If you’ve ever suffered from pink eye, you know the symptoms well: red eyes; the itchy, burning sensation; swelling of the eyelids or under the eyes; and, in some cases, a greenish-yellow drainage. Pink eye, also known as conjunctivitis, is actually an inflammation of the clear membrane that covers the whites of the eye, as well as the membrane located on the inside of the eyelids.
In most cases, pink eye is extremely contagious, so you’ll need to be very cautious when treating your own case of pink eye or that of a family member. Due in part to the fact that is so contagious, pink eye is a common malady for young children because they readily pass it along to other kids.
Is It Pink Eye or Something Else?
Source – ehabkost
Before you begin a home treatment for pink eye, see your doctor. You need to be sure that it is, in fact, pink eye instead of some other problem.
Although it’s relatively rare, in some cases pink eye could be an indication of an underlying disease—another important reason to see a doctor when symptoms first develop. Sometimes people who wear contact lenses mistake red or pinkish eyes as pink eye, when it may just be irritation caused by the corrective lenses.
Another impelling reason to see a doctor first thing is that pink eye can be caused by a virus, a bacterial infection, an allergy or a reaction to chemicals. How you treat the condition depends on what caused it to begin with.
Most Common Causes of Pink Eye
- If the pink eye is caused by a viral infection, medicines are not typically used to treat the condition and you’ll have to wait it out until the infection goes away (usually in 3 to 5 days). This makes home treatment important because you’ll want to alleviate the symptoms as much as possible while you wait for the infection to clear.
- On the other hand, if the pink eye is caused by bacteria, you’ll need an antibiotic from your doctor to treat the pink eye.
- If the pink eye is caused by exposure to a chemical, you should see your doctor right away to prevent further damage to the eye.
Treating Pink Eye at Home
The first step in treating pink eye is to remove your contact lenses if you wear them, thoroughly clean the lens, thoroughly clean the case, and store the lens until the symptoms of pink eye are completely gone. Wearing contacts will only make the condition worse. If you need either contacts or glasses to correct your vision, wear glasses until the pink eye is cured.
The next step in treating pink eye is to apply either a cool compress (a clean cloth soaked in cold water) or a warm compress (a clean cloth soaked in very warm water), whichever one feels better. If there’s an infection involved, a warm compress will probably feel better and help to reduce some of the swelling. Make sure to use a clean compress each time you apply one, and never reuse the same compress. Pink eye is extremely contagious, and it’s easily spread from one eye to the other and from one person to the next. You should make sure that towels and tissues, etc., used by the infected person aren’t touched by anyone else in the family. The condition can also be passed from exposure to the infected person’s coughing or sneezing, so try to separate the person from others as much as possible, and wash your hands thoroughly after handling compresses, towels or tissues touched by the person with pink eye.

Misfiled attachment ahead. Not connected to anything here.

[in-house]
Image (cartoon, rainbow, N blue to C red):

Clean the eye or eyes (pink eye can affect one eye or both eyes) several times during the day. This is particularly important if the infection is caused by bacteria, which will result a great deal of greenish-yellow drainage. Wipe the eye from the inside out, making sure to dispose of whatever is used to clean the eye.
If the condition is caused by an allergy, you might also be able to treat it with an antihistamine. Check with your doctor before giving this type of medicine to a young child.
If the pink eye is caused by a bacterial infection and is treated with antibiotics, the infected person will usually be able to return to work or school about 24 hours after starting to take the medicine. But because the condition is so contagious, you should check with your boss or the teacher/administration at school before returning. If the pink eye is caused by a virus or allergy, you should wait until the symptoms go away before returning to work or school—usually 3 to 5 days.
What to Watch For
Finally, remember to see a doctor if the condition gets worse or doesn’t go away. It’s especially important to check with your doctor if you become overly sensitive to light, experience blurred vision, feel a great deal of pain in the eye or if signs of infection appear where there were none before. While it is possible to treat pink eye at home, it’s important to make sure that you receive medical advice upfront to determine the source. It’s also important to check with your doctor later on if the condition gets worse or stays the same.
About the Guest Blogger – Mark Masters is an eye health advocate who writes for Hill Country Eye Center, an ophthalmologist in Austin TX who provides services such as LASIK surgery for vision correction, glaucoma treatment, and cataract surgery. Their state-of-the-art eye clinic is located at Hill Country Eye Center, 12171 W Parmer Lane #201, Cedar Park, Texas 78613, and Phone (512) 528-1144.